Interview with Livia Ugolini

RIMETTERSI IN GIOCO (GET BACK IN THE GAME), 2013 Plastic, thread and cotton fabric Sculpture 4 elements Ambient installation, Palazzo Gopcevich, Trieste.

Italiano (Italian)

Translation by Marina Dlacic

https://liviaugolini.wordpress.com/

Livia Ugolini, born in Bologna in 1989, graduated in Visual Arts at the Academy of Fine Arts in Bologna where she studied Textile Culture and experimental and traditional Chalcographic techniques with great interest. She won a scholarship at the Lisio Silk Art Foundation in Florence and subsequently studied the Techniques of the Ceramic Product at the Fistic Foundation in Faenza.

In your work you employ different techniques and materials, from chalcography to ceramics; fibers, threads and fabrics and the processes connected to them are however recurrent. Is this preference due to technical and functional reasons or does it also have other meanings?

I love to realize my ideas with the happiness of Doing, manipulating the material.

For me, materials have a great charm: I observe them, I caress them, I study their meanings to find the best functional use for my projects.

I approached textile art as a child, listening to the stories of my grandmothers as they sewed “state of the art” artefacts.

For me it was natural to imitate their gestures and sew doll clothes or embroider imaginary characters with dubious cross stitch.

Growing up I approached art and continued my training at the Academy of Fine Arts in Bologna where I experimented with techniques and materials, which allowed me to reflect both on the contents and in the design methodologies, seeking my personal artistic identity.

Guarda_Roba 1, 2015 – Used clothes, plaster and wood, Ambient dimension

Guarda_Roba 1, 2015 – Used clothes, plaster and wood, Ambient dimension

In your works personal experience becomes  a universal reflection on issues such as death, fragility,1 the passage of time. How are your works born and how do they develop?

Feelings, emotions, memory and moods are the starting point of my research. I reflect on what holds and hides the memory and what threads move when this happens.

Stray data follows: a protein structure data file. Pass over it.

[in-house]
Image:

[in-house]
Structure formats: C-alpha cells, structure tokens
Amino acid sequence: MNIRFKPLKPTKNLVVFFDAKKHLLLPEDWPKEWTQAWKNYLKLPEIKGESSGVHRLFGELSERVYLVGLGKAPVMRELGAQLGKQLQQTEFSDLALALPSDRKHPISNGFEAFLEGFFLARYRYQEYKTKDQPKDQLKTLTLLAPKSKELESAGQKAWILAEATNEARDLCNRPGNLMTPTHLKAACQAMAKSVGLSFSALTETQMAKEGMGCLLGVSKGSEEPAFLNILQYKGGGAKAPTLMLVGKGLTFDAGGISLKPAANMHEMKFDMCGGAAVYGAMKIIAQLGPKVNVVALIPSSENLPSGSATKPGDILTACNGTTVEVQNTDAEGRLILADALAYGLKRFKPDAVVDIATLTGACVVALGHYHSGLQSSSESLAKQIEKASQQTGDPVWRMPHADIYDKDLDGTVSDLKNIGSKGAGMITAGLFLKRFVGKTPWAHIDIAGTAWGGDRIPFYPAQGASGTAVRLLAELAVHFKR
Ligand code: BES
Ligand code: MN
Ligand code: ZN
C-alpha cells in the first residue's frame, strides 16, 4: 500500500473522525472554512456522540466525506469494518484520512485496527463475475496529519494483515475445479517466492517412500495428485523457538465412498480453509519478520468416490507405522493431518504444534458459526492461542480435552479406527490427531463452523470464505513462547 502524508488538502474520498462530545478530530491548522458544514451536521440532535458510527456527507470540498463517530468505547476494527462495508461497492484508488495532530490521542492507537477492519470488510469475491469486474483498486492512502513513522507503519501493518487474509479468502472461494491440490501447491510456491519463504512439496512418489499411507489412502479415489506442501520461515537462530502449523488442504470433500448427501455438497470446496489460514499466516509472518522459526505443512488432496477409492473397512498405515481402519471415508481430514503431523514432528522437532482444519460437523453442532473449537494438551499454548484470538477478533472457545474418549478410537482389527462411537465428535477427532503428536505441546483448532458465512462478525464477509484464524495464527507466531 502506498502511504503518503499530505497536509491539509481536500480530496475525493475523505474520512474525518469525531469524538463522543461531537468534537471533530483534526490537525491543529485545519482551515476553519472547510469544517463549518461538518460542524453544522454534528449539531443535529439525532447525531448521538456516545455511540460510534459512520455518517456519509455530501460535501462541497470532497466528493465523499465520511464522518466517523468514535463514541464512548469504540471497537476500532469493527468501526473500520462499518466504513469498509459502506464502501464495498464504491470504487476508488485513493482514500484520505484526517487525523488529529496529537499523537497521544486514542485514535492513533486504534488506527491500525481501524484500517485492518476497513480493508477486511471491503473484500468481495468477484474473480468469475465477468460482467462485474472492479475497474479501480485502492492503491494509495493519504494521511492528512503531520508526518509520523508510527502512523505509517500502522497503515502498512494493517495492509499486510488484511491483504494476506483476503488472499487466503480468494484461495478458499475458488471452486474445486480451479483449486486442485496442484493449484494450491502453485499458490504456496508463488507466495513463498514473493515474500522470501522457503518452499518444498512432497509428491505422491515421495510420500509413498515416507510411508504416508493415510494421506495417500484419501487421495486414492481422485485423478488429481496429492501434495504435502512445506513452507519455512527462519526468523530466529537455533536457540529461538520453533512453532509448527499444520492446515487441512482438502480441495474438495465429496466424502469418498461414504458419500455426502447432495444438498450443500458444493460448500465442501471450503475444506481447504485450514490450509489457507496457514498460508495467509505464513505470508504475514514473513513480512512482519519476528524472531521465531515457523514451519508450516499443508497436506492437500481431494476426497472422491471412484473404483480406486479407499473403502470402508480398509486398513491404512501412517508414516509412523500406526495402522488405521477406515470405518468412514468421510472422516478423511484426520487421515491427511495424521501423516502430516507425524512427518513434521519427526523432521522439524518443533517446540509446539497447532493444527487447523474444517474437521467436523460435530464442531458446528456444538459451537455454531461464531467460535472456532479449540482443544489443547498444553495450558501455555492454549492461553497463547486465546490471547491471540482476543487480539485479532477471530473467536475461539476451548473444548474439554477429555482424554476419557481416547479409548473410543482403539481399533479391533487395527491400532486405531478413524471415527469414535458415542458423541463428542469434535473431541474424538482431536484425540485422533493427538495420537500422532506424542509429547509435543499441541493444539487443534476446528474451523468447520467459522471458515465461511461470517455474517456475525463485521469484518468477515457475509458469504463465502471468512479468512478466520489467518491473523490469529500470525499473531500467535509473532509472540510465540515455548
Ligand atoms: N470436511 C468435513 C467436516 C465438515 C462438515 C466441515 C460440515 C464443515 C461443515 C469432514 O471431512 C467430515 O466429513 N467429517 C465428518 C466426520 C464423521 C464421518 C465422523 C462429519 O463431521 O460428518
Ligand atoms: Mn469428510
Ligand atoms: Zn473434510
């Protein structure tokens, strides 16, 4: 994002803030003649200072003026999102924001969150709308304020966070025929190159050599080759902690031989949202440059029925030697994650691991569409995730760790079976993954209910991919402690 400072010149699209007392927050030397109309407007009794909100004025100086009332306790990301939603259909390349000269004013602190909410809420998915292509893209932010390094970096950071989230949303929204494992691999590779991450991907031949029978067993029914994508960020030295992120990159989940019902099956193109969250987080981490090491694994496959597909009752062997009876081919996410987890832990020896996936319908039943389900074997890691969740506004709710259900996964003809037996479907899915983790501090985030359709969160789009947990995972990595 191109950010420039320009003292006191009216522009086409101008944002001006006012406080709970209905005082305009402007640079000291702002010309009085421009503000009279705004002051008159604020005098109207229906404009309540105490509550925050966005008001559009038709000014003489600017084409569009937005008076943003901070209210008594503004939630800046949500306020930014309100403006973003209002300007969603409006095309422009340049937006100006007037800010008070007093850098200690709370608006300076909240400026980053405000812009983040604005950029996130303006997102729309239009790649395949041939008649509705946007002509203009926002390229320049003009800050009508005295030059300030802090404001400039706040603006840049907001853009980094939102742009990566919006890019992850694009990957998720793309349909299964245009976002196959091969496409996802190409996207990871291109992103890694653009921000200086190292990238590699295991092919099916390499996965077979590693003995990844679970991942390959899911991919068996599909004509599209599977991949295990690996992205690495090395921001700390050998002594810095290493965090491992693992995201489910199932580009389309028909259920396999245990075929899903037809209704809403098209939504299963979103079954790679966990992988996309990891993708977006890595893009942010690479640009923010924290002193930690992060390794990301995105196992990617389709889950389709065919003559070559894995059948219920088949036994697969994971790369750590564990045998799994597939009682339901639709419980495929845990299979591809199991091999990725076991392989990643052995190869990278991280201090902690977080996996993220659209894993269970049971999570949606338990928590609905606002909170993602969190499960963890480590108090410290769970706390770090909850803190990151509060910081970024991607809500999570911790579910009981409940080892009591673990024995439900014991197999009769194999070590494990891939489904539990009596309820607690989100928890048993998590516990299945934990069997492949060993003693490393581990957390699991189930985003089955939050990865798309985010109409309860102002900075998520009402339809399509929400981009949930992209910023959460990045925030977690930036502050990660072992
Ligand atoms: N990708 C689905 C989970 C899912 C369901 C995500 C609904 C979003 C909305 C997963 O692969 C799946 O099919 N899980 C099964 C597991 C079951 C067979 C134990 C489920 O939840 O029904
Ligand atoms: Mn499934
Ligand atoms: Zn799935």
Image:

Precisely what happens to me, strong emotional impacts that reflect my urgency to investigate issues such as pain, memory, the need for overcoming and renewal.

I keep a logbook of my personal experiences and an archive dedicated to my creative process. I start a new project or find a way to continue a work that I had temporarily set aside, finding links between what I wrote and designed, even after a long time.

LACRIME CHE SANNO DI STANCHEZZA (TEARS THAT KNOW OF TIREDNESS), 2020
Lost hair sewn on fabric, Ø 20 cm

 

In some of your installations – for example “Get back into the game” or “Guardian angels” – the fabric has a “protective” function, it guards and protects the memory and soul of the objects. In other works, you entrust your ‘words’ to this medium to be preserved. Is there a saving dimension of the ‘textile material’ in your works?

In my opinion, the textile material is suitable to convey a sense of suffering, fragility, but also of rebirth and overcoming.

Textile practices require slow and repetitive gestures that lead to a process of purification and regeneration. For example, with some hair lost during a difficult period, I embroidered “Tears that taste of tiredness” on fabric, to express a state of mind tormented by a past that I cannot accept to regain inner stability.

Instead, bandages heal and protect wounds in an attempt to harmonize states tending to collapse. Getting back into the game is a work made up of pieces of an old shattered tricycle, covered with fabric. The possible variations in shape represent the search for new possibilities of reconstruction even when everything seems lost.

Angeli Custodi proposes a set of musical instruments set aside and unused covered with sewn and embroidered fabric. Here, the act of covering alludes to preserving the stories and sounds of those who once held them in their hands and while we look at the past we give life to what will later be.

ANGELI CUSTODI 3, (GUARDIAN ANGELS 3), 2018
Cotton fabric, plastic, cotton thread, Musical instruments covered with hand-sewn cotton fabric
Environment dimension, Imbiancheria del Vajro, Chieri, Turin.

ANGELI CUSTODI 3, (GUARDIAN ANGELS 3), 2018
Cotton fabric, plastic, cotton thread, Musical instruments covered with hand-sewn cotton fabric